Two Sides of Grace

John Newton, the author of the well known hymn, Amazing Grace,
was born in London in 1725. During his early years his mother filled his mind with the
Scriptures; however, his mother died when he was seven and John was taken by distant
relatives who had no fear of God.

Later in life, after deserting the British Navy he joined himself with
an unscrupulous slave trader in Africa. During the years that followed John had no
interest in the things of God, but God miraculously preserved him through many
"dangers, toils, and snares." Eventually he came to know Christ as personal
Savior, married a devout Christian woman, and became a preacher of the Gospel of Jesus

The hymn makes it clear that the grace of God reveals to man his true
condition before a holy God. John Newton was amazed that God would save a
"wretch" like himself. (Sadly, in a day when "self esteem" is so
stressed some hymn books remove the word "wretch.") He saw himself as lost,
hopeless, and blind. However, by the grace of God he was found and given spiritual sight
which allowed him to see his true condition before a holy and righteous God.

In the second verse of this hymn, Newton presents to us one side of
God’s grace mentioned too infrequently today. "‘Twas grace that taught my
heart to fear." How this is often missing today in those who profess to know Christ.
Often there is no real sense of their sin and the awful judgment that awaits the sinner.
There is no repentance and a sense of urgency to be saved, such as seen in the Philippian
jailor who cried, "What must I do to be saved?" John Newton feared God’s
judgment, and he knew that it was the grace of God that taught his heart to fear.

In the epistle to the Romans, which presents the Gospel of God, we do
not read of the love of God until the fifth chapter. The apostle Paul first develops the
need of man to be saved, and in those early chapters he speaks often of the "judgment
of God." We need to present this aspect of the Gospel more often. We need to place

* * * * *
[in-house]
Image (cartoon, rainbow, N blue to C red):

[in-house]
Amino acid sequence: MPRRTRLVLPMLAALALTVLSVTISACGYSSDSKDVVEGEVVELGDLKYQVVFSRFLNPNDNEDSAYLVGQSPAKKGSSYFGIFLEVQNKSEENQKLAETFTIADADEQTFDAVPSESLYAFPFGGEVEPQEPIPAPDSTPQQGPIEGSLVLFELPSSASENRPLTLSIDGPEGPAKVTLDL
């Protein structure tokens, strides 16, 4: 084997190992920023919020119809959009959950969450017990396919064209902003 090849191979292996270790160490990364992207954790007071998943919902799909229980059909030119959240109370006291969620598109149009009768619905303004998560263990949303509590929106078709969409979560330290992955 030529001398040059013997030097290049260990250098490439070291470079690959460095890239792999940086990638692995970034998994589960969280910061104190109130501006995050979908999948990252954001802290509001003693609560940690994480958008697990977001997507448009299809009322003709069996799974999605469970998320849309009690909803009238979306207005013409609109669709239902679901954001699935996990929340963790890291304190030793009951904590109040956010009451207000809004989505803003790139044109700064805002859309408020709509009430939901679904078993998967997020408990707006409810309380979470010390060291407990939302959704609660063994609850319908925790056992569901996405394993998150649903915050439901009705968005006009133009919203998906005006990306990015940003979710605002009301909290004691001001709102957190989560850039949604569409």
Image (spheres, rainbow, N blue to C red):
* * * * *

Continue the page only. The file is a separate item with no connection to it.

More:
before the hearer the black cloth of their sin and God’s judgment before placing
before them the brilliant diamond of the Gospel of the grace of God. The blackness of
man’s condition only makes the Gospel of Christ shine more brilliantly.

Newton then gives us the second side of God’s grace, as he writes,
"And grace my fears relieved." The same grace that taught his heart to fear,
relieved him of those fears. The heart that trembled before God was given absolute peace
through faith in the finished work of Christ. (Rom. 5:1) A heart tossed and fro by fear is
now at perfect peace with God. So it is with those who have experienced God’s saving

How wonderful to know that God’s grace exceeds all our sins.
Another has penned those words, "Marvelous grace of our loving Lord, Grace that
exceeds our sin and our guilt." With this thought in mind the Spirit of God led Paul
to write, "Where sin abounded, grace did much more abound." (Rom. 5:20)
Super-abounding grace!

Amazingly, not only is the believer in Christ forgiven of all his sins,
but he now "stands in grace." (Rom. 5:2) He stands before God in all the
loveliness of His beloved Son, in Whom is all His delight. (Eph. 1:6)

Truly we can sing, "Amazing grace! how sweet the sound, That saved
a wretch like me! I once was lost, but am found, Was blind, but now I see."